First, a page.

SEOUL, Sept. 29 (Korea Bizwire) — Neighbor conflicts over noise and smoking increased substantially in South Korea last year as people spent more time at home due to the COVID-19 pandemic, a report showed Wednesday.
According to the land ministry report submitted to Rep. Park Sang-hyuk of the ruling Democratic Party, a total of 1,568 complaints on noisy neighbors were reported last year, up about 60 percent from 979 in 2019.
As of July this year, 967 cases have already been reported, with the yearly tally expected to surpass last year’s total.
The number of complaints on second-hand smoking stood at 256 last year, more than twofold compared with the previous year. Over 165 similar complaints have also been filed from January to July of this year.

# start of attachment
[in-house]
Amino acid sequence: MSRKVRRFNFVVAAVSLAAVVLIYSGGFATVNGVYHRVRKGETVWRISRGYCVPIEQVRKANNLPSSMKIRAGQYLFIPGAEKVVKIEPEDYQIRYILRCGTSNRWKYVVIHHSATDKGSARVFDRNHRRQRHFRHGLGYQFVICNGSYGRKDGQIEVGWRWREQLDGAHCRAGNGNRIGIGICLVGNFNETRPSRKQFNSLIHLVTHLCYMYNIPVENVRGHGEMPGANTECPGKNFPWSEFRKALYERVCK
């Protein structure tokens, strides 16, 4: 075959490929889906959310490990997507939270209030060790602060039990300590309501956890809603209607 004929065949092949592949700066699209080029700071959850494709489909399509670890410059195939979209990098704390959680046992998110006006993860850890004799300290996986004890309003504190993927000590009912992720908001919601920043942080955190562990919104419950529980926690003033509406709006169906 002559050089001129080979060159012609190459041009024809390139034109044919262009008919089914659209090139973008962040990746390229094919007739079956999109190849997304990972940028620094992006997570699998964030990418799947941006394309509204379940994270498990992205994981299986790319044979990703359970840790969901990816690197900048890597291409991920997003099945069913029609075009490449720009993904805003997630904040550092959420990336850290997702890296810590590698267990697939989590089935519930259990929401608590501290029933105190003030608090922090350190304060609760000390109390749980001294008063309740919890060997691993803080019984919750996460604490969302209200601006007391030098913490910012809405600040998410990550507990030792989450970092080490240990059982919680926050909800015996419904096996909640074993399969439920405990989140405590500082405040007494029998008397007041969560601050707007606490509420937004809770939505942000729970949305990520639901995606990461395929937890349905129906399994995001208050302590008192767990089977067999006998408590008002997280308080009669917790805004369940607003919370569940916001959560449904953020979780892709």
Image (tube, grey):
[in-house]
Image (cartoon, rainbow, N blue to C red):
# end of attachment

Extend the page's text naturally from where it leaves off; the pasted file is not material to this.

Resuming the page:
Capturing headlines as of late was a case in which a man in Yeosu, 455 kilometers southwest of Seoul, was arrested for allegedly murdering a couple living upstairs in an apartment over a noise dispute.
“We should come up with effective measures to resolve the issue as people are spending more time at home amid the pandemic due to remote work (and other social distancing rules),” Park said.
Under current laws, smoking in private spaces, including in apartments, is not banned despite the spread of cigarette smoke, while noise disputes can only be dealt with through civil lawsuits.
As part of efforts to ease tensions between neighbors, the land ministry recently decided to adopt a program that measures noise caused by impacts to floors at apartment buildings, but it is unlikely to begin until the end of next year due to procedural issues.